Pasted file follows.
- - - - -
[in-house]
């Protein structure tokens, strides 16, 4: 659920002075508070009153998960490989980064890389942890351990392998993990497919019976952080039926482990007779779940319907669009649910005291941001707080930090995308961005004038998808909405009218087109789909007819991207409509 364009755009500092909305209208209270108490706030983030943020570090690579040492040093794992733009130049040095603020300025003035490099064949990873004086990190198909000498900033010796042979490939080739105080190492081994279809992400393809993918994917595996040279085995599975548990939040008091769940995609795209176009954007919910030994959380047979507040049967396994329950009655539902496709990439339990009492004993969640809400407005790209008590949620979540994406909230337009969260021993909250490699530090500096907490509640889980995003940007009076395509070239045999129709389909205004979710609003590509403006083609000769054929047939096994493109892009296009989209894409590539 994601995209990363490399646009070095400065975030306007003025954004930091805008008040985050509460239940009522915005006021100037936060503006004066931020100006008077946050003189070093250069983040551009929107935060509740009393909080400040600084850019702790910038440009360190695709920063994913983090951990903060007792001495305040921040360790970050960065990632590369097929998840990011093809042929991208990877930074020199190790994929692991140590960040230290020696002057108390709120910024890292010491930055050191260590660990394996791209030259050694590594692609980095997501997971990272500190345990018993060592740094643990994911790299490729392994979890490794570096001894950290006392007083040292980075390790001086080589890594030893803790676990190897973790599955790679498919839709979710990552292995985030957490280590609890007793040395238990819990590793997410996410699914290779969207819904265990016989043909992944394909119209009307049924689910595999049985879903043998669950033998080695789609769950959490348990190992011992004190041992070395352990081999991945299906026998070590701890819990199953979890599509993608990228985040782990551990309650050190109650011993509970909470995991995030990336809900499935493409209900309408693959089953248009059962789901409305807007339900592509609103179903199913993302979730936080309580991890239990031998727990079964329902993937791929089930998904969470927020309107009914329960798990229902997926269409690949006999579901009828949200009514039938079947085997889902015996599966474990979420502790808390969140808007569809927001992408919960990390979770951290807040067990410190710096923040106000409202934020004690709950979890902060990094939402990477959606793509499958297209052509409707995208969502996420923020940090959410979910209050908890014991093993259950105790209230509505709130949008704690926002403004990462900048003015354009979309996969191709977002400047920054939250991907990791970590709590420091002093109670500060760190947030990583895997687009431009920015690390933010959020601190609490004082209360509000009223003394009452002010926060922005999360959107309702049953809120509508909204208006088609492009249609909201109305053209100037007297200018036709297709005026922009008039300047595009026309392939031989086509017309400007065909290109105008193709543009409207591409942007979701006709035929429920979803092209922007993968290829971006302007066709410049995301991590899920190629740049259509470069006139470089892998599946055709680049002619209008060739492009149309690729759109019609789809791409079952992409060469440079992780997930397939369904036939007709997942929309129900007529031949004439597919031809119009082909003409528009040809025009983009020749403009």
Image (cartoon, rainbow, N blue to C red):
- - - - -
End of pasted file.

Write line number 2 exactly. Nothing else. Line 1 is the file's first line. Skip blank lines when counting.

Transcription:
């Protein structure tokens, strides 16, 4: 659920002075508070009153998960490989980064890389942890351990392998993990497919019976952080039926482990007779779940319907669009649910005291941001707080930090995308961005004038998808909405009218087109789909007819991207409509 364009755009500092909305209208209270108490706030983030943020570090690579040492040093794992733009130049040095603020300025003035490099064949990873004086990190198909000498900033010796042979490939080739105080190492081994279809992400393809993918994917595996040279085995599975548990939040008091769940995609795209176009954007919910030994959380047979507040049967396994329950009655539902496709990439339990009492004993969640809400407005790209008590949620979540994406909230337009969260021993909250490699530090500096907490509640889980995003940007009076395509070239045999129709389909205004979710609003590509403006083609000769054929047939096994493109892009296009989209894409590539 994601995209990363490399646009070095400065975030306007003025954004930091805008008040985050509460239940009522915005006021100037936060503006004066931020100006008077946050003189070093250069983040551009929107935060509740009393909080400040600084850019702790910038440009360190695709920063994913983090951990903060007792001495305040921040360790970050960065990632590369097929998840990011093809042929991208990877930074020199190790994929692991140590960040230290020696002057108390709120910024890292010491930055050191260590660990394996791209030259050694590594692609980095997501997971990272500190345990018993060592740094643990994911790299490729392994979890490794570096001894950290006392007083040292980075390790001086080589890594030893803790676990190897973790599955790679498919839709979710990552292995985030957490280590609890007793040395238990819990590793997410996410699914290779969207819904265990016989043909992944394909119209009307049924689910595999049985879903043998669950033998080695789609769950959490348990190992011992004190041992070395352990081999991945299906026998070590701890819990199953979890599509993608990228985040782990551990309650050190109650011993509970909470995991995030990336809900499935493409209900309408693959089953248009059962789901409305807007339900592509609103179903199913993302979730936080309580991890239990031998727990079964329902993937791929089930998904969470927020309107009914329960798990229902997926269409690949006999579901009828949200009514039938079947085997889902015996599966474990979420502790808390969140808007569809927001992408919960990390979770951290807040067990410190710096923040106000409202934020004690709950979890902060990094939402990477959606793509499958297209052509409707995208969502996420923020940090959410979910209050908890014991093993259950105790209230509505709130949008704690926002403004990462900048003015354009979309996969191709977002400047920054939250991907990791970590709590420091002093109670500060760190947030990583895997687009431009920015690390933010959020601190609490004082209360509000009223003394009452002010926060922005999360959107309702049953809120509508909204208006088609492009249609909201109305053209100037007297200018036709297709005026922009008039300047595009026309392939031989086509017309400007065909290109105008193709543009409207591409942007979701006709035929429920979803092209922007993968290829971006302007066709410049995301991590899920190629740049259509470069006139470089892998599946055709680049002619209008060739492009149309690729759109019609789809791409079952992409060469440079992780997930397939369904036939007709997942929309129900007529031949004439597919031809119009082909003409528009040809025009983009020749403009």